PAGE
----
• Mark Cator

Edward Hopper, Gas, 1940


Back in June I went to the exhibition, 'America after the Fall: Painting in the 1930's', held at the Royal Academy in London. "45 truly iconic works paint an electrifying portrait of this transformative period", but as I went close to the end of it's run the gallery was jammed packed so I merely jammed myself in front of one painting, Edward Hopper's Gas, 1940. Cinematic, eerie and glowing with sultry tension the painting is loaded with Lynchian drama. Hopper has literally stopped the moment in a haunting reverie of abject abandonment and interiority. Such paintings have a coda that demand a response.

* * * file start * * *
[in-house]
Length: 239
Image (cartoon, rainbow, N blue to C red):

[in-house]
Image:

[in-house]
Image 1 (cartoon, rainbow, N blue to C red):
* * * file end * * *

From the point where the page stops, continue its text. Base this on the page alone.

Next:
Excited by Gas, I immediately left the Academy and wandered the surrounding streets looking for the interior lives of people caught in their own reveries. And it was right there, behind the glass vitrines of the glamourous shops, the security guards. They seemed able to switch in and out of worlds, in and out of their own self abandonment, beautifully composed to respond to the singular gestures of passers-by who were considering passing in.

Mark Cator, London, Interior, 2017

Mark Cator, London, Interior, 2017